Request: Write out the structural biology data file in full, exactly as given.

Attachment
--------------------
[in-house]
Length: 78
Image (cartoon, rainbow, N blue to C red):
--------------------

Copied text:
[in-house]
Length: 78
Image (cartoon, rainbow, N blue to C red):